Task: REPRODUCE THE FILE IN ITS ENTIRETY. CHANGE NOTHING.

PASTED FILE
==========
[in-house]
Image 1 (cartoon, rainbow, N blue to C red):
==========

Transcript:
[in-house]
Image 1 (cartoon, rainbow, N blue to C red):